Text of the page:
Inside mock job interviews

Students receive real world interview experience through in-person discussions


Photo by Riley Kramolisch

Conversing with a volunteer during her district-required mock job interview, freshman Evalinn Eisel answers the questions given about the fictional job she applied for. Approaching the interview, Eisel came well prepared with the essentials for each interview: her job application, resume and reference sheet. “Overall I think I did pretty well because I was given good feedback,” Eisel said. “I felt it was pretty easy to answer the questions and follow along.”

Samantha Vojslavek, Features Editor

On Wednesday, Sept. 15, Speech and Debate students assembled in the library to complete a graduation requirement that the district assigns each year: mock job interviews. Occurring four times a year, mock job interviews help prepare students for actual interviews they will face as they apply for jobs in the future. 

Each interview involves about a 12-minute interaction between adult volunteers with interview experience and a student enrolled in one of the oral communication classes. A few weeks before the day of the actual interviews, students receive items they must complete upon set deadlines. Filling out a reference sheet, building their personal resumes and developing an application are all activities students must finalize as part of their grade for the project. Freshman Evalinn Eisel was one of many students able to partake in this major task this semester.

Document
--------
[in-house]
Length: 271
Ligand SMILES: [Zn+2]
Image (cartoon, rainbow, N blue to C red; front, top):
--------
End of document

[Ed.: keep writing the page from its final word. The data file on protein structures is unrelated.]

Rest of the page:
“My thoughts going into this were pretty mixed with nervousness and excitement,” Eisel said. “I think I was well prepared for a real interview because my interviewer asked good questions that I felt I would be confident in answering in an actual interview.” 

When the big day rolls around, students are encouraged to follow a professional dress code and arrive five minutes early to their interview. As each interview is underway, volunteers commence their personal assignments to complete. Speech and Debate teachers provide a list of questions for the volunteers to ask each student along with a full review of their resume and the application that students bring with them. This year being her seventh year volunteering for Millard West, Laura Wakefield, manager of Employee Relations and Development at UNO interacted with around five interviewees during every block. 

“I like to ask open-ended questions, rather than just questions with yes/no answers, so that they share more and I get to know them better,” Wakefield said. “The best part, if all goes well, is when I tell them that they are hired.”

Speech teacher Jennifer Jerome serves a primary role in every students’ success. In her classes, Jerome sets these interviews as 35% of her students’ overall grade for the course. Always having a desire to see everyone succeed, Jerome provides advice in hopes she can prepare students as much as possible. 

“My expectations for my students are to simply try their hardest to follow directions given,” Jerome said. “Everyone has to interview for a job at some point in their lives, and students could possibly have scholarship and college entrance interviews through this so there’s so many benefits to this.”

After the completion of their interviews, each student hand-writes a thank you note to send to the volunteer that ran their mock job interview. Walking out of their interviews with a sigh of relief, students are filled with knowledge they can apply to upcoming interviews as soon as they enter the world of work.